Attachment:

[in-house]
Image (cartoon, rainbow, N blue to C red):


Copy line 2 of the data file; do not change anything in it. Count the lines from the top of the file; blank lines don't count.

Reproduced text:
Image (cartoon, rainbow, N blue to C red):